Smack dab in the middle of the Grand Boulevards and a newly burgeoning bobo (bohemian bourgeois) district, this corner of Paris had a special vibe: Restaurants that would be hits in Tribeca, clubs that would thrive in the Lower East Side and hipsters that wouldn't look out of place in either the Village or Williamsburg. A haunt for educated young marauders hitting the city of lights, night after night, the area lacked pretention while nevertheless hosting some most distinguished local and foreign artists. Low on tourists, high on foreign students and vigor, the area is an oasis of popup clubs, bars, and bistros.

As bistros go, Hotel Nell's very own, La Régalade, is undoubtedly up there with the best. The décor –as in the rest of the hotel – is designed to enhance the given experience. With sleek black and white chess set tiles and clean but subdued lighting, the focus is on the food. This is a good thing considering that the food is coming from Chef Bruno Doucet, a culinary virtuoso who spent two years working for Guy Kreuzer, one year with the internationally renowned Pierre Gagnaire, another with Jean-Pierre Vigato after which he came to La Régalade and – almost immediately – won himself the Gault Millau's Young Talent of the Year award. Hailing from Touraine, a region known for game, Doucet excels at fowl and wilder fare while also having mastered fish and seafood.

Opening with a complimentary terrine (Pâté de campagne) served in a large white porcelain terrine with sweet and sour gherkins, one is quickly thrust into a rustic world of herbs and pork – a keen reminder that Paris (which once housed Les Halles) has always been the epicenter to which farmers from all regions of the country had flocked with their finest products. Swimming in a remarkable Albufera sauce, chicken breast fillets filled with foie gras and earthy black truffles beach themselves on the soft and nutty shores of turnips and Jerusalem artichokes. Soon, shellfish, mussels, cockles, a salmon steak and a remarkable selection of smart wines…. And all of it ending with several desserts, one of which is Duce's very own mother's recipe for Rice Pudding. The juxtaposition of an haute cuisine approach to regional cooking with savvy 'Nouveau' takes on otherwise decadently heavy traditional foods is indicative of Duce's understanding of how far one can extend the concept of Bistro without downing out its essentially casual air. Inventive but never sacrificing authentic flavor, Duce is to Bistro what Wilmotte is to boutique hotel design.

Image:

Although, for me, hotel staff only becomes an issue when they are either unnervingly obsequious (which makes me want to sneak in and out unnoticed) or unabashedly phlegmatic (which makes me understand rock stars setting suites on fire), Hotel de Nell calls for a different response. Relegating the staff with mundane words like pleasant, accommodating, unobtrusive would be misleading because they are more than that – they are genuinely exciting young Parisians as interesting as they are interested. Sharp witted, urbane, and with a knack for suggesting the most amazing off-the-radar hot spots in the city, the concierge was more than adept at his job; he was positively inspiring. Like the hotel itself, the staff instinctively knows when to create space and – almost as if by telepathy – when something is missing. Before departing on Sunday, I sat by my window listening to the bells of Saint Eugène and thought 'but how would I describe this place when the time came': 'Cultivated?', 'noble?', umm, 'unadulterated', implied…' sod it, you fill in the words. I knew then and there that Hotel de Nell might as well remain ineffable.